25 October 2006
Developing World Antes Up In Greenhouse Game
by Kate Melville
A jury-rigged smoke sampling system put together by two researchers from the University of Illinois, Urbana-Champaign, has revealed that the primitive cooking stoves used in the developing world may be much bigger contributors to the greenhouse effect than previously thought.
In the past, laboratory tests have been used to measure the pollutants from cooking fires because field tests have been difficult to conduct. But researchers Tami Bond and Chris Roden decided to get a more accurate measure by knocking together a portable battery-operated sampling cart, which included sensors for measuring carbon dioxide and carbon monoxide, particle soot absorption, particle color and concentration.
They then took the cart to Honduras where more than 80 percent of families cook their meals over open wood fires.
Reporting the results in the journal Environmental Science & Technology, the researchers said that the stoves in Honduras produced double the expected amount of smoke particles. "We expected field measurements to be different from lab measurements, and we suspected the amount of black carbon from these stoves would be higher than open burning, but we were surprised by how much," Roden said.
Previous estimates of sooty particles from burning firewood were put at around 800,000 metric tons of soot worldwide a year. That figure may now need to be doubled. Put into perspective, diesel cars and trucks generate about 900,000 metric tons of soot annually. In total, from all sources, about 8,000,000 tons of soot is emitted into the world's atmosphere each year.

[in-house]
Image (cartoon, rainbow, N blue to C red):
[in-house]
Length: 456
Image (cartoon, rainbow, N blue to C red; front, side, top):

It's estimated that as many as 400 million cooking stoves - fueled by wood or crop residue - are in use daily worldwide. The sooty particles they produce are darker than those from grassland or forest fires and have a climate warming effect because they absorb solar energy and heat the atmosphere. As well as their effect on the climate, Roden said that smoke from cook stove fires is a major cause of respiratory problems, eye infections and tuberculosis. "Emissions from wood cook stoves affect the health of users - especially of women and children - neighborhood air quality, and global climate. Reducing these emissions, through the use of cleaner burning stoves and fuels, should have far-reaching benefits," Bond added.
Roden agreed, but said that any new cook stoves; "must be well designed and properly tested. They must be built with local traditions and practices in mind and must be easy to use, or they may become expensive doorstops."
Source: American Chemical Society
Photo courtesy of Chris Roden